“I didn’t want to come to Israel at first, but I am very happy to be here. Soon after I arrived I felt at home and that I had been here all my life,” says Polina, an elderly immigrant from the FSU.
Polina and other members of her extended family had never discussed going to Israel, but one day her son’s friend told her son, “I will go there because my mother is Jewish.” Polina’s son replied, “And my mother is Jewish!” This was the beginning of Aliyah for Polina’s family. Even when Israel is not part of a Jewish person’s thinking, God draws them back home.

Years earlier, three-year-old Polina, her baby sister, mother and other family members had fled from Ukraine ahead of the advancing German army and its accompanying ‘Final Solution’. The oncoming winter’s cold and German bombardment were part of that terrifying flight, first by foot and later by train.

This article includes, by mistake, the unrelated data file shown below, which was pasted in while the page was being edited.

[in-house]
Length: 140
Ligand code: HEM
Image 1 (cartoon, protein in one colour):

The family eventually found two rooms in Ural, in which the ten family members could live. Polina’s mother found work that took her away from early morning to late at night, and with her father in the Red Army the little girls were looked after by uncles, aunts, and grandparents. Polina remembers the pain of being cold and hungry. Potatoes dug out of the frozen ground kept the family alive. After the war her father returned, but they continued to live in Ural, where Polina started school. Finally, they returned to Ukraine although nothing remained of their former life. They shared a small house with their grandparents in a forest village, and Polina recalls the dirt floor being cleaned before each Sabbath.

Poverty and hardship continued. At 6am Polina would line up to buy bread hoping there would still be loaves, or even part of a loaf left, when it was her turn. The cold and hungry eight-year-old dared not to nibble at the bread on the way home, because it had to feed five people. Poverty meant only a few new dresses as she grew, and shoes were saved to wear only in the winter. But amazingly, Polina said, “In spite of poverty and war, we were very close to each other and that meant my childhood was a good one!”